Can there be mercy without truth or redemption in a lie?

Posted December 14, 2007


Avid Reader said...

I haven't seen the movie yet but I have read the book and I found it a difficult read but in a strange way worth it at the end. I will get to the movie this week but my reaction to movies of books that I have read is that they are never as good as the book - but then again maybe the movie will be a bit easier to follow. Will comment more later.


Joan Ferguson said...


The movie IMHO is not as good as the book but then that is the reaction that I have had to every movie I have seen based on a book that I have read. I was particularly disappointed in the movie version of Angela's Ashes but then when one thinks about it a movie is just a set of short scenes dealing with incidents from a book. As such it can be no better than a glorified comic/cartoon/funnies version of a book.


Megan Zamprelli said...

Haven't seen the movie yet but enjoyed the book though in parts I thought it dragged somewhat and I had to push on with the story. But a great story it was!


Avid Reader said...

I would recommend as ‘must reading’ Brian Finney’s essay entitled Briony's Stand Against Oblivion: Ian McEwan's Atonement which is a comprehensive analysis of this book. The essay is about 20 pages in length.

Here is an excerpt to get you started:

My reading of this novel is of a work of fiction that is from beginning to end concerned with the making of fiction. When we first meet its female protagonist, Briony, at the age of thirteen, she is already committed to the life of a writer. She ruthlessly subordinates everything the world throws at her to her need to make it subserve the demands of her own world of fiction. Brought up on a diet of imaginative literature, she is too young to understand the dangers that can ensue from modeling one's conduct on such an artificial world. When she makes public her confusion between life and the life of fiction the consequences are tragic and irreversible except in the realm of fiction. She attempts to use fiction to correct the errors that fiction caused her to commit. But the chasm that separates the world of the living from that of fictional invention ensures that at best her fictional reparation will act as an attempt at atoning for a past that she can not reverse. Atonement, then, is concerned with the dangers of entering a fictional world and the compensations and limitations which that world can offer its readers and writers.

Briony, who became a successful novelist, has been the author of the entire novel and has taken a novelist's license to alter the facts to suit her artistic purposes. Despite the description Briony gives in Part Three of Robbie and Cecilia living together after his return from Dunkirk, we learn on the penultimate page that Robbie died before he could be evacuated from Dunkirk and that Cecilia was killed by a bomb three months later.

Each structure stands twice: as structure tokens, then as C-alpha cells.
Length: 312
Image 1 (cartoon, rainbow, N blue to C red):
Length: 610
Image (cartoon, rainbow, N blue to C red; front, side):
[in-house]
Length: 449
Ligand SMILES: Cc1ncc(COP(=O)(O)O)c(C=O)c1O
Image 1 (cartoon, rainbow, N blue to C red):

The novel's epigraph, a quotation from Jane Austen's Northanger Abbey, serves as both a warning and a guide to how the reader should view this narrative. Austen's protagonist, Catherine Moorland, who is reprimanded by Henry Tilney in the quoted extract for her naïve response to events around her, is the victim of reading fiction - the Gothic romances of her day and failing to make a distinction between the fictive and the real.

Although there is only one narrative voice that turns out to be that of Briony, the aging novelist, McEwan employs what Gérard Genette calls variable internal focalization in Part One, that is, narrative where the focal character changes (whether the narrative voice changes, on not it doesn't in Atonement). In the case of Atonement, it is first Briony, then Cecilia, then Robbie, and so on. McEwan employs this particular "modal determination" (Genette 188) partly to distinguish his narrative from the classic realist novel's association with an omniscient narrator (Briony's lie came from positioning herself as such a narrator in her fictionalized scenario of events), partly to demonstrate Briony's, the adult narrator's, attempt to project herself into the thoughts and feelings of her characters, an act which we will see is crucial to her search for forgiveness.


Diana Malcolm said...

Seems like an interesting book and movie – I will get to see it this week. I looked up McEwan on Wikipedia and saw the following interesting pieces:

1) In late 2006, Lucilla Andrews’ autobiography 'No Time for Romance' became the focus of a posthumous controversy when it was alleged that McEwan plagiarized from this work while writing his highly acclaimed novel 'Atonement'. McEwan publicly protested his innocence; in The Guardian newspaper, he responded to the claim, stating he had acknowledged Andrews' work in the author's note at the end of Atonement. McEwan has been defended by many leading writers, including the American novelist Thomas Pynchon. Comments had also been made about the questionable originiality of his first novel, 'The Cement Garden', and the writer Claire Henderson-Davis suggested to McEwan that his book 'On Chesil Beach' had been inspired by the name of her mother, and the life stories of her parents. Once again, McEwan denied this claim.